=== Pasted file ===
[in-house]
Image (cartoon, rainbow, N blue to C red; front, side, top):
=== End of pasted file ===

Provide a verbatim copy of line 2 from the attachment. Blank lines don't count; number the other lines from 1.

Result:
Image (cartoon, rainbow, N blue to C red; front, side, top):